My friend, Judi, has created an absolute butterfly paradise in her backyard in Palm Bay, Florida, USA. She started butterfly gardening in 2008 in just one small section. Today her whole yard has been converted to a butterfly habitat that attracts a wide variety of butterflies.
Judi’s private butterfly garden is open to the public a few times each year, including this coming Saturday and Sunday, 4 and 5 June 2016. Go to JudisButterflies.com for complete details and driving directions. (If you are reading this blog post after that date, click on the link anyway to discover when the next opportunity will come.)
If you’re anywhere between Miami and Jacksonville, it would be well-worth your travel time to visit Judi’s Butterfly Garden and to experience first-hand what can be accomplished in your own private space.
(For your convenience, you can follow links on the various plants mentioned here to check for availability and price.)
Monarchs (Danaus plexippus) find Tropical Milkweed (Asclepias curassavica) as well as native Swamp Milkweed (Asclepias incarnata). She has Dutchman’s Pipe (Aristolochia spp.) for the Polydamas Swallowtails (Battus polydamas) and Pipevine (Aristolochia spp.) for the Pipevine Swallowtails (Battus philenor). I even found a cute little Spicebush Swallowtail (Papilio troilus) caterpillar on her Spicebush (Lindera benzoin).
A variety of flowers such as Pentas, Porterweed (Stachytarpheta jamaicensis) and Firebush (Hamelia patens) provide nectar for all these attractive native butterflies.
There is a screened-in enclosure where visitors can enjoy a close-up view of the butterflies nectaring on flowers, feeding on rotten fruit, and or puddling on the stone floor.
Judi, with help from her husband, Greg, certainly has accomplished “brightening the world one butterfly at a time.”
Check out her website where you can see more photos of her garden and find helpful information. Also visit and Like her Facebook page.
The Meadow Argus (Junonia villida) is a butterfly found in the Kingdom of Tonga in the South Pacific. I reared this one from the caterpillar stage. The butterfly is resting on my arm after being released. A few moments later, it flew up and away.
If it looks familiar to residents of North America, there’s good reason. It’s related to the Buckeye (Junonia coenia). One of the host plants for Meadow Argus is Porterweed (Stachytarpheta jamaicensis), a wonderful nectar plant that grows along roadsides and in empty fields on the island of Tongatapu, the main island of Tonga.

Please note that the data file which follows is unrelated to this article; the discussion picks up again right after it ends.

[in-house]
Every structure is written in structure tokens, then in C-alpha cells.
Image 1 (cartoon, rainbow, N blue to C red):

One of my favorite butterflies to raise is the Eastern Black Swallowtail (Papilio polyxenes). It’s an easy species to attract to your garden. You just need to provide their host plants on which the females lay their eggs, including Dill, Fennel, Parsley, Rue or Golden Alexander and they will find them.
Once you find the eggs or tiny caterpillars, remove the leaves or pieces of the plant they are on and place them inside a small plastic cup with a lid. This keeps the tiny caterpillars from escaping.) Do not punch holes.
Keep them inside the cup until after they hatch and for a few days. Then you can place them inside a larger container. I like to use salad containers from fast-food restaurants, but you can use any container with a lid. I use a pushpin to punch air holes in the lid. Line the bottom of the container with a paper towel or coffee filter. Be sure to provide plenty of the host plant leaves on which you found the eggs and/or caterpillars.
Check on your caterpillars each day to make sure they have enough food to feast on. Once they get bigger you will need to empty the fecal droppings (known as frass) each day and add a new coffee filter or paper towel plus fresh food.
When they are ready to pupate, they will crawl to the top of the lid and make their chrysalis. Many people like to put sticks inside the container for them to use, but that is not necessary. However, it can be fun to see the different colors the chrysalis becomes.
It usually takes about two weeks for the butterfly to emerge from the chrysalis. You can then experience the joy of holding and releasing your new butterfly.